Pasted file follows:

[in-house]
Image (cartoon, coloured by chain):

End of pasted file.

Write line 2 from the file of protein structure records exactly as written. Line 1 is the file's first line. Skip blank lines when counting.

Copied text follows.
Image (cartoon, coloured by chain):